Thursday, May 13, 2010

Not yet a catechumen

Sunday morning was funny.  I had a look at "the other half" while sitting just outside the doors to our little mission at a table.  My daughter A was acting up in the service, so I took her into the other room.

A little background on our little girl.  She's one.  9:30 is nap time.  10:00 is Liturgy.  You can see the problem that would arise from the collision of the two.  We try to get her up early on Sunday (6:30ish) to put her down for an early nap (8:15-:30ish) and then get on the road by 9:30 to be there by the end of the Hours and the beginning of Liturgy.  Around the Homily the little one gets restless, and it's usually Daddy who entertains her while Momma (who is incubating #2) can sit through the rest of the service.  (We usually change an incredible amount of diapers in this 2hr period.)

The aside being completed, the little girl and I were sitting at a table in the hall/narthex trying to pay attention.  While we were sitting, she started to eat cheerios from her little cup.  Another little girl was sitting across from us with her mom.  They're Orthodox.  Keep in mind, we aren't yet.  Little girl, probably 3 years old (at the most) points out that my little girl is eating cheerios.  It's actually really cute, because she really needs her mommy to see that the other little girl gets to eat (and I assume that the extension is, how come I can't eat).  Her mom whispers in her ear - she informs her little girl that because we aren't Orthodox, we don't have to fast on Sundays, because we aren't taking communion.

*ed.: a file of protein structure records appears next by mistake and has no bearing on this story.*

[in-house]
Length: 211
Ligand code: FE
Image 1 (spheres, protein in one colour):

I'm comfortable being where we on our journey.  I believe that God is directing us, and we're following His guidance as best we can.  I'm not trying to rush anything.  In matter of fact, we're very contended where we are, waiting for guidance before we move any further in.  Not yet a catechumen.  Really not much of an anything.  But we're there to worship.  We're there to offer our praises to a living God who loves us and saved us from sin.  Lord, have mercy on us and bring us safely to the harbor.

1 comment:

  1. Reading this blog has helped me out a bit. I'm a college student who found his way to Holy Orthodoxy after a long three years of studying philosophy and Western theology. I began to attend an Antiochian parish this summer, and I attended services regularly for almost four months straight, but unfortunately the aforementioned parish is located in my home-town, which is four hours away from where I attend school. The closest parish to my university is two hours away, and I do not have the means to afford transportation, so I suppose I will have to wait.